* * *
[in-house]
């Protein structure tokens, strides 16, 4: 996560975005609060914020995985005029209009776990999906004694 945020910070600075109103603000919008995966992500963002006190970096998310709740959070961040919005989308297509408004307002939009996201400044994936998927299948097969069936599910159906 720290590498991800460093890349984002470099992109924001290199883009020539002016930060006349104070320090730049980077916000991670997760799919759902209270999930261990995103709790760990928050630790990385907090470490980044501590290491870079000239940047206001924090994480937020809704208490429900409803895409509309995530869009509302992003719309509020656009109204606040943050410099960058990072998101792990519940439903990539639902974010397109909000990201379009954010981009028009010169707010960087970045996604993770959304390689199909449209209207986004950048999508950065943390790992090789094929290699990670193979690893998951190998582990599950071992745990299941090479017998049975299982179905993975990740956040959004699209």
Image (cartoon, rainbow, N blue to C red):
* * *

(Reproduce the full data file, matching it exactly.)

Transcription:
[in-house]
């Protein structure tokens, strides 16, 4: 996560975005609060914020995985005029209009776990999906004694 945020910070600075109103603000919008995966992500963002006190970096998310709740959070961040919005989308297509408004307002939009996201400044994936998927299948097969069936599910159906 720290590498991800460093890349984002470099992109924001290199883009020539002016930060006349104070320090730049980077916000991670997760799919759902209270999930261990995103709790760990928050630790990385907090470490980044501590290491870079000239940047206001924090994480937020809704208490429900409803895409509309995530869009509302992003719309509020656009109204606040943050410099960058990072998101792990519940439903990539639902974010397109909000990201379009954010981009028009010169707010960087970045996604993770959304390689199909449209209207986004950048999508950065943390790992090789094929290699990670193979690893998951190998582990599950071992745990299941090479017998049975299982179905993975990740956040959004699209």
Image (cartoon, rainbow, N blue to C red):